Devonian of SE Shetland
Significance:during the upper Devonian (around 375 Ma) the south-east Shetland basin was a NNW-SSE elongated basin which lay about 100km north of the larger Orcadian basin. It is likely that this was a defunct rift valley that contained a series of small lakes joined by major rivers flowing to the SSE. Sedimentation into the valley may have been tectonically controlled during its early life when coarser fluvial sediments were laid down but most of the sediments now exposed represent a period of quiescent infill of the basin. Source rocks for most of the sediments were the schists and gneisses of the Caledonian Mountains, which now form the deeply eroded basement beneath the sediments. The highly arkosic nature of the sandstones indicate erosion in an arid or semi-arid environment followed by rapid transport, deposition and burial. Erosion exposed the Aith-Spiggie intrusive complex as well as granites of the type now seen in the Northmaven area.
Locality 1. East Voe of Quarff. HU 432 353 to 440 358. Basal breccia.
The unconformity between coarse basal breccia-conglomerate and the underlying Quarff Nappe metasediments. Outcrops of the dark grey psammitic metasediments with occasional pegmatite intrusion and outcrops of very coarse breccia. This coarse breccia was formed as scree slopes on hills and mountains composed of what is now the underlying metasediments. The largest outcrop shows breccia consisting of very coarse and angular clasts cutting steeply dipping metasediments of the Quarff Nappe – a ‘fossil’ scree slope.
Locality 2. Gulberwick. HU 447 387 to HU 450 385. Braided stream environment.
The medium to very coarse sandstone displaying trough and planar cross bedding above channel lag pebbles were laid down in active channels of braided streams. Fine grained red siltstones and mudstones with desiccation cracks are overbank deposits from flood events. Thicker beds of fine-grained sandstone formed from suspension in abandoned channels.
Locality 3. Shingly Geo to Broken Brough. HU 406 124 to HU 409 135 Lake shoreline and lacustrine environments (including Exnaboe fish beds). Aeolian sandstones.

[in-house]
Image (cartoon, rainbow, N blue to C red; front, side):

Shingly Geo north-east along the shore at The Cletts to the Point of Blo-geo. The three main lacustrine facies recorded in this area are:
1) Horizontally stratified fine dark grey sandstones with inter-bedded siltstones and rare thin dark mudstone. Some low angle planar cross-stratification and ripple cross-lamination in the sandstone. Common convolute lamination, slump and load structures. These have been interpreted as lake marginal environments dominated by the high energies in the surf zone but just lake-ward of the breaker zone.
2) Ripple cross-laminated and horizontally-laminated siltstones with plant remains, sub-aqueous shrinkage cracks and convolute lamination. This has been interpreted as an intermediate environment characterised by continuous to intermittent wave agitation.
3) Laminated and un-laminated calcareous siltstone and mudstone with no evidence of current or wave action. These sediments are interpreted as having been deposited offshore below storm wave base. Fish fauna have been recorded in the darker grey laminated beds at the head of Shingly Geo. The preservation of organic matter and the laminated nature of the beds suggest deposition in an anoxic environment below a thermocline. The un-laminated beds suggest that the thermocline was not permanent.
The main non-lacustrine facies in this area are:
1) About 250m north-east of Shingly Geo at The Cletts, and stratigraphically below the lacustrine facies, there are good exposures of a pebbly sandstone displaying horizontal and some high angle cross-stratification of braided streams.
2) At Swart Skerry, just above the Exnaboe fish bed facies, is about 10m. of coarse grained flat bedded sandstone with current scour and fill troughs, and some high angle planar cross-sets. These have been interpreted as being deposited close to a zone of high sediment supply, i.e. a river outflow.
Cliffs show excellent exposures arkosic sandstone displaying very large scale cross-bedding with sets of 3 to 5m. These are interpreted as having been sand dunes, mostly transverse and barchanoid, formed by prevailing southerly winds.